I have revamped and added to my page about the refugees and related matters. [Updated link November 2008.]  I had admittedly thrown the thing together quickly the other day, and have taken the opportunity to revise and add. There is a much more wicked cartoon of John Howard.

Evan’s call at that time was that the government’s line was a bit like the “tiger repellent” joke – that despite appearances there was no horde of refugees about to descend on Australia. I had that in mind as I listened to the to-ing and fro-ing on the matter last night and learned what “planning” had gone into the Pacific Solution. Evan went on to some exciting times in Malaysia after that.

FEBRUARY 2003: After a perilous five-day journey by sea in tongkangs or slow wooden boats, Acehnese displaced by the escalating war in their troubled Indonesian province cross the narrow Straits of Malacca and land on the long west coast of peninsular Malaysia. Their favorite landing spot is on Penang Island. From there they head overland to the United Nations High Commissioner for Refugees (UNHCR) office here, a seven-hour journey by bus, where they hope to get some shelter and protection.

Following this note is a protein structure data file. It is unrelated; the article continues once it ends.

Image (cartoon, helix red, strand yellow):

The UNHCR office has been handling scores of requests for refugee status and asylum to third countries since the Indonesian military imposed martial rule in Aceh on May 19. Since then, military operations have, rights groups say, have killed more than 1,000 civilians and displaced 46,000 people. Because of the large number of applications, the UNHCR office has reserved Tuesdays to handle applications from Acehnese to interview, reject or confirm and issue them refugee papers.

But when more than 600 Acehnese arrived last weekend, they found neither shelter nor protection but police waiting for them…

The police action, sudden and inexplicable, puts the spotlight on Malaysia’s conflicting policy toward Aceh, a province that has a long history of resistance to colonialism and deep cultural and historical ties with Malaysia because of their proximity.

There are many Acehnese settlements along the west coast of peninsular Malaysia and several prominent individuals, including actors, politicians and writers, are of Acehnese descent.

The UNHCR asked police to release the detained Acehnese. "We urge the Malaysian government to grant temporary protection to those fleeing the conflict in Aceh and ensure they are treated in accordance with international standards," a UNHCR statement said.

In closing the UNHCR offices, "we cannot operate with the police present and deterring people from approaching our office", said the agency’s refugee eligibility coordinator, Evan Ruth.

At the core of the issue is Malaysia’s refusal to ratify the 1951 UN Convention on Refugees that grants displaced people rights, protection and shelter and asylum.